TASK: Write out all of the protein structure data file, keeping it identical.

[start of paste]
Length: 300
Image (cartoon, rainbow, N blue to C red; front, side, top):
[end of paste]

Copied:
Length: 300
Image (cartoon, rainbow, N blue to C red; front, side, top):